I am now thinking about what other tasks we could tackle in this way. We have managed it with Maxi Hama beads – we had the same “I can’t do it”, “you do it for me” situation the first time we tried those but by the end of the morning he was pushing my hand away saying “I do it myself”.

I have also noticed that once Little Bear has mastered a task his attention span suddenly increases beyond recognition. His teacher called me in the other day as she was shocked that he had sat on the rug in a corner of the classroom for a whole hour by himself doing jigsaws. They had all been muddled up and he had painstakingly sorted and completed them. She had never seen him concentrate for more than 10 minutes on anything and didn’t know that he could.

This weekend, Little Bear spent several hours making Hama bead creations until he had used every single bead and I had to make a hasty Amazon purchase.

Evidently confidence is playing a huge role in Little Bear’s ability to learn. Little Bear, you really need to believe in yourself as much as I do because what you have achieved so far is nothing short of astounding.

And thank you to the humble jigsaw, who knew I could learn so much from you?!

 

 

 

 

 

Jigsaws

Continence Issues

This week’s post has been inspired by a fairly innocuous seeming comment from a friend. He said, in reference to his newly adopted 2 year old, “he’s fully potty-trained now, day and night!”, with just the teeniest hint of competitive parenting lacing his voice. He’s rightly proud of the achievement but I have to confess that part of me thought “oh FFS!”. I think I managed a polite smile and no eye-rolling…

It is just that toileting is something of an ongoing situation here with Little Bear and, at 5 years old, we are fairly far from reaching the golden pinnacle my friend speaks of.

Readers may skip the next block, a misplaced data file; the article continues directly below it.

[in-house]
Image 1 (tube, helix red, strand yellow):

When Little Bear arrived, aged 3 and a half, he wasn’t toilet trained. His foster carers claimed it was because he “wasn’t ready” but in all honesty I don’t think they had really tried. Obviously tackling toileting wasn’t very high on our agenda in the first weeks of placement either, as bonding and behaviour issues were much more pressing. We also identified fairly quickly that we would need to sort out Little Bear’s digestion before attempting to get him out of nappies.

On his arrival he was taking prescribed Movicol for constipation and he created several very effortful and repulsive nappies each day. It was distressing to see the discomfort he was in and at night he seemed to be suffering from stomach cramps (he would writhe about in his bed whilst asleep and sometimes fall out). On reading the Movicol packet we established that this could be the cause of the pains.

We also observed that Little Bear barely ate any fruit or vegetables which might well be accounting for his sluggish gut. It was strange because I always assumed that during Introductions we would be given a list of food likes/ dislikes but we weren’t. When I pressed the foster carers on it they were vague, as though they didn’t really know what he liked. Either way, fruit and vegetables weren’t really mentioned or visible and whenever we gave them to Little Bear he certainly didn’t appear familiar with them.